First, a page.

It also looks like the US is lumping in the Philippines in the war on terror. Apparently there is a small cadre of Islamic militants there, but they don’t appear to present any threat to the US. In February, Washington launched a drone strike in the southern Philippines that reportedly killed 15 people associated with these groups. It looks very much like how the US launched drone strikes at the behest of the Saleh regime in Yemen when it was clear Saleh was using the US drone war to eliminate his own domestic political enemies.
Ilagan also called for a probe into what she referred to as the “extensive and intensive intrusion of the US military in Armed Forces of the Philippines (AFP) operations.” She added, “If these reports are true, then US troops are participating in and conducting operations beyond what is allowed in the Visiting Forces Agreement and directly transgressing our sovereignty. More importantly, their participation in these operations is a potential magnet for the Philippines’ participation in a brewing US-instigated regional conflict.”
The US is once again using its military muscle to occupy a foreign country for the sake of its own hegemony, to the detriment of the Philippines and the security of the entire region.
Since the election, President Obama has again embarked on the Washington establishment’s version of diplomatic coercion on Iran. It’s sometimes referred to as “dual-track.” Negotiations and a supposed grand bargain are in the works, but the administration continues to impose harsh economic sanctions and continues to issue well-publicized threats of the military option. You know, just in case Iran thinks we’re foolin’.
But the Obama approach to Iran has also been characterized by a change in policy towards the overall Persian Gulf. Obama’s ‘leading from behind’ strategy has essentially come to mean that Washington presses its allies to do more of it’s fighting. And that’s what Obama intends: with unprecedented amounts of weapons technology flowing to the Middle East, Washington is arming Arab dictators in the Persian Gulf with assurances that they will take part in any potential war against Iran.
Noting U.S. sales of air defense-penetrating F-16s and F-15s, satellite-guided bombs and a pending order for ordnance that can burrow deep and then explode, analysts say Gulf nations could participate in a U.S. air campaign to strike Iran’s nuclear sites.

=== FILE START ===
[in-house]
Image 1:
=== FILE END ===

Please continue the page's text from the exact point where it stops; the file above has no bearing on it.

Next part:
These American-armed nations could either be part of an overall war plan or be forced to enter the battle once Iran counterattacks, as expected, with missile launches.
“It’s perfectly possible the UAE could be asked to try to bomb aircraft shelters, hardened aircraft hangars’ stockpiles, coastal missile sites that are hardened,” Mr. [Kenneth] Katzman [a Middle East analyst at the Congressional Research Service] said. “There are a range of targets that coalition partners like UAE could be asked to take out as part of strike package, if it comes to that.”
Embedded in the “dual-track” approach is the recognition that credible threats of military attack will force Iran to submission when presented with face-saving diplomatic alternatives. If you ask an Obama official, I’m sure they’d tell you that arming Arab autocrats to the teeth is meant only to demonstrate “credibility.”
“Our presence in Kuwait and throughout the Gulf helps advance the capabilities of partnering nations, deters aggression and helps ensure we’re better able to respond to crisis in the region,” Secretary of Defense Leon Panetta told reporters when visiting Kuwait last week.
And seriously, how could this go wrong?
The Arab monarchies have deep-seated hatred for Iran, for both religious and geo-political reasons. Arming them to a degree unequaled in any previous time, with the explicit purpose of challenging Iran militarily provides what Washington likes to call “stability.” Yes, that’s what they call it when the state employs the military industrial complex to weaponize ruthless Arab dictators, making Iran more guarded and conflict more likely. Stability.